Denmark’s Uniquely Shaped Geodesic Dome

This incredibly complex geometric structure by Copenhagen-based architects Kristoffer Tejlgaard and Benny Jepsen exemplifies the cooperative culmination of creative architecture, efficient design, and mathematic construction. The Danish architects built the geodesic dome for the Peoples Meeting being held in Bornholm, Denmark this year. The event gathers the greatest minds to discuss and debate the future of housing and according to the duo’s client, BL, Denmark Public Housing, “a standard exhibition tent would not do justice to a debate of such importance.”

The architectural project, known simply as the Peoples Meeting Dome, provides a site-specific space that breaks down the traditional dome. Instead of walking into the mundane top-half of a giant ball, Tejlgaard and Jepsen have produced an aesthetically intriguing edifice with layers, niches, crevices, and corners. The dome boasts an intimate ambience with its central stage area and circumferential seating design surrounded by a pattern of triangular wooden modules and large windows.

Additionally, the space is column-free, allowing for more room and options for interior design, do to the structure’s complex lattice design system that connects nodes of steel with wood. The project states, “The system is designed so that it is possible to vary the skeleton. It can be adapted to the given parameters, disassembled and placed in a new design, with new parameters.” The project also sought to be as environmentally conscious as possible. The frame is made with vary sizes of timber and plywood beams to minimize material consumption. All of the interiors, facades, and flooring were made with locally sourced pine.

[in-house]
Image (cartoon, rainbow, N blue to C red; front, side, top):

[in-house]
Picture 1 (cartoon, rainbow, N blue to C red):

Kristoffer Tejlgaard on Behance
Benny Jepson on Behance
Peoples Meeting Dome on Archello
via [designboom]

December 10, 2016

World Map Reveals What Each Country Does Better Than Any Other

Designer David McCandless of Information is Beautiful has created a fascinating world map called International Number Ones. “Because every country is the best at something,” McCandless also offers the caveat that this accolade is “according to data,” which makes perfect sense once you study the map. Being the number one at something isn’t necessarily a compliment. Many countries are the “best” when it comes to issues that are morally reprehensible.

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December 9, 2016

Intricately Detailed Floating Cube Casts Stunning Shadows

We have always been big fans of Pakistan-born artist Anila Quayyum Agha’s mesmerizing art. In 2014, we raved about Intersections, a captivating wooden cube that cast dreamy shadows with a single light bulb. Fortunately for us, Agha is still creating intricate installations in this style, with her most recent, radiant piece being All The Flowers Are For Me. Like Intersections, All The Flowers Are For Me plays with light and space.

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